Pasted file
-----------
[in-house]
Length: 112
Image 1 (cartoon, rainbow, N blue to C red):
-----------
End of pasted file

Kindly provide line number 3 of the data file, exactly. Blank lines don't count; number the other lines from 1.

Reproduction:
Image 1 (cartoon, rainbow, N blue to C red):